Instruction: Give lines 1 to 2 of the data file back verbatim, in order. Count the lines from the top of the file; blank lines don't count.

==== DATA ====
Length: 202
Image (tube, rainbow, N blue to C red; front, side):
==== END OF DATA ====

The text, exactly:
Length: 202
Image (tube, rainbow, N blue to C red; front, side):